7. U.S. Food and Drug Administration. Have you given blood lately?.

  8. Engle RE, Bukh J, Alter HJ, et al. Transfusion-associated hepatitis before the screening of blood for hepatitis risk factors. Transfusion. 2014;54(11):2833-41. doi:10.1111/trf.12682

  9. Custer B, Schlumpf K, Simon TL, et al. Demographics of successful, unsuccessful and deferral visits at six blood centers over a 4-year period. Transfusion. 2012;52(4):712-21. doi:10.1111/j.1537-2995.2011.03353.x

  10. Shaz BH, Hillyer CD. Minority donation in the United States: challenges and needs. Curr Opin Hematol. 2010;17(6):544-9. doi:10.1097/MOH.0b013e32833e5ac7

  11. Alter HJ, Klein HG. The hazards of blood transfusion in historical perspective. Blood. 2008;112(7):2617-26. doi:10.1182/blood-2008-07-077370

    (Video) The Truth about Hepatitis B

By Charles Daniel
Charles Daniel, MPH, CHES is an infectious disease epidemiologist, specializing in hepatitis.

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(Video) Can I Donate Blood After Having Hepatitis B? Health Knowledge

FAQs

Can I donate blood if I had Hepatitis A? ›

Hepatitis is an inflammation of the liver caused by infection (like the hepatitis A or B viruses) or an unknown cause. You need to wait at least 12 months after you've made a full recovery before you donate blood.

Can I donate blood with hepatitis B? ›

One way that someone can become infected with the hepatitis B virus is through blood. People infected with hepatitis B may carry the virus without even knowing it. They can pass it to others through blood or sexual contact. Because of this, anyone who has ever tested positive for hepatitis B cannot donate blood.

Can you donate blood with a history of hepatitis? ›

Donors who have ever been diagnosed with hepatitis B or C, even if treated, are not eligible to donate blood. Malaria is a blood infection caused by a parasite that can be transmitted from a donor to a patient through transfusion.

Is hepatitis A forever? ›

Almost everyone recovers fully from hepatitis A with a lifelong immunity. However, a very small proportion of people infected with hepatitis A could die from fulminant hepatitis.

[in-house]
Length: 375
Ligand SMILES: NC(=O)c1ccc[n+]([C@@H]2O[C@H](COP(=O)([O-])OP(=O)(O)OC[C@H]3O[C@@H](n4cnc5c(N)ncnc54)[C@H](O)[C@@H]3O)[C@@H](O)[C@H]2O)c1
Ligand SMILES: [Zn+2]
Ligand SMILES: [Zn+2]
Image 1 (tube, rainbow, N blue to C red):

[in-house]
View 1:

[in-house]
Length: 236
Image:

What will disqualify you from donating blood? ›

You must be in good health at the time you donate. You cannot donate if you have a cold, flu, sore throat, cold sore, stomach bug or any other infection. If you have recently had a tattoo or body piercing you cannot donate for 6 months from the date of the procedure.

How long a hepatitis B patient can live? ›

A "silent disease." It can live in your body for 50+ years before you have symptoms. Responsible for 80 percent of all liver cancer in the world.

Can you donate blood after being cured of hep C? ›

No, you cannot donate blood if you ever had hepatitis C, even if you spontaneously cleared the virus or if you were successfully cured with medication.

Can I donate blood after recovering from hepatitis B? ›

No. The blood bank will not accept any blood that has been exposed to hepatitis B, even if you have recovered from an acute or chronic infection.

Do they test for hep C when you donate blood? ›

All blood for transfusion is tested for evidence of certain infectious disease pathogens, such as hepatitis B and C viruses and human immunodeficiency virus (HIV). The tests used to screen donated blood are listed below.

How long does hepatitis B virus survive outside the body? ›

How long does the hepatitis B virus survive outside the body? The hepatitis B virus can survive outside the body for at least 7 days. During that time, the virus is still capable of causing infection.

Can you donate organs if you have hep C? ›

Yes, you can be an organ donor if you have or have had hepatitis C. If you have been treated and received an SVR12, you are considered cured of hep C. You will always retain hepatitis C antibodies. Depending on your liver condition, your doctor will be able to advise if you are eligible to be an organ donor.

Can you give blood after Hep A vaccine? ›

Great news: if you receive the vaccine, you can still donate blood, platelets and AB Elite plasma! Donating blood is essential to help save lives and support the efforts of those on the frontlines of the pandemic.

Is hepatitis A contagious? ›